Deadly McKinney Fire Grows to Nearly 60,000 Acres
The McKinney Fire (now 59,636 acres, and 10% contained), the Yeti Fire Complex (now 6,436 acres and 0% contained) and number of smaller but still significant fires are burning in Siskiyou County. This has been brutal on the county. Four people died in the McKinney Fire–more than than all the deaths from California wildfires in 2021. Hundreds of main structures and outbuildings have been lost in the last week. Thousands are evacuated from their homes.
Rachel Smith, Forest Supervisor, Klamath National Forest wrote yesterday,
…On Friday the McKinney Fire stole four lives. They were our colleagues, our neighbors and our friends. Compounding the tragedy, an estimated one hundred structures were destroyed, along with 200 outbuildings, devastating the community of Klamath River. Our county and our communities cannot tolerate another such loss.
Over the past few operational shifts, the Yeti fire has pressed closer to the downriver communities of Seiad, Fort Goff, and Thompson, threatening 267 homes. Beyond these vulnerable communities lies Happy Camp with 822 homes, which lost more than 200 homes just two summers ago.
A group of nine fire and line leaders with a combined 154 years of experience on the Klamath National Forest (and considerably more fire experience beyond that…but those years just working on the Klamath – I brought down the average with just two years here!) came together to strategize how we could prevent the Yeti fire from impacting Seiad. Due to the current fire activity we are seeing on the Yeti, we are extremely concerned about a slope reversal and anticipate it happening quite soon. Provided we get clear air, our intent at dusk is to run a thin line of fire down the ridges at the bend of the river at Seiad and allow it to back down the ridge.
We’ve gathered the most important information about the McKinney Fire and organized it below for our readers.
Information from a Klamath National Forest press release this morning:
Firefighters continue to make great progress around the perimeter of the fire with opportunities to go direct and put in aggressive handline while working to tie-in those lines with adjacent divisions. Crews continue to get depth on containment lines on the west side of the fire.
The main tactic remains the same as fire personnel work to secure direct and indirect line construction on all sections of the fire. Weather is playing a major role in this fire’s behavior. Slope and terrain driven runs still influence rate of spread. Thunderstorms continue to creep into the forecast with isolated cells, potentially creating outflow winds that could produce erratic gusts up to 30 mph. Contingency lines from bulldozers are in place around much of the fire’s perimeter should the firefighters’ lines not hold, in order to protect the communities at risk. Flanking and backing continue with the weather and terrain driven fire behavior, especially in the Mill Creek area.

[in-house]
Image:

Mop-up operations have been initiated along Walker Bridge and other communities along Highway 96 from Highway 263 junction to Seiad, east towards Yreka, Scott Bar, and Horse Creek on the west. Protection of human life and the safety of the firefighters remains the main priority.
Yesterday in the early afternoon, the Smokey Fire ignited just north of the McKinney Fire, about 2 miles south of the Oregon border. With resources on the McKinney Fire so close by, firefighters were able to quickly respond for initial attack on the 34-acre spread. Firefighters have control line and hose-lays completely around it and aircraft continue to be utilized in the area as needed.
Hot and dry mostly but with a slight chance of thundershowers.
According to InciWeb, “A portion of Highway 96 is closed due to the fire. Prior to traveling, please check CalTrans Road Conditions at https://roads.dot.ca.gov/ for the most current road conditions.”
- Operations Map –to see details either zoom or click on the map and download a pdf.
- KMZ Map–Zoom for detail or for 3D imagery, click on the map and download a file that connects with your Google Earth program.
Evacuation and Help Information Including Community Meetings:
Multiple Evacuation orders and warnings remain in effect. For current updates on evacuations, visit the Facebook pages of the Siskiyou County Sheriff’s Office and Siskiyou County Office of Emergency Services. Additional evacuation information and map can be found on the Zonehaven website. A shelter has been established at the Weed Community Center, 161 E Lincoln Ave., Weed, CA 96094.
- McKinney Fire West of Yreka Swallows Over 78 Square Miles, 400 Structures Threatened
- McKinney Fire Burns Multiple Homes and Vehicles [Photos of the Destruction Left Behind]
- Two Found Dead Fleeing the McKinney Fire; This Morning 0% Containment and Over 55,000 Acres
- Firefighters Dig In as Rain Held the McKinney Fire to Slow Growth
- Deadly McKinney Fire Still 0% Contained Even After Rain
- Fire, Flood, and Fire Again: The McKinney Fire Grows in the Aftermath of Torrential Rains